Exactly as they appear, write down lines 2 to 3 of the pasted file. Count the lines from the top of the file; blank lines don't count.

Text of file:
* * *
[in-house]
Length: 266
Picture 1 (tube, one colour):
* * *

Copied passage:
Length: 266
Picture 1 (tube, one colour):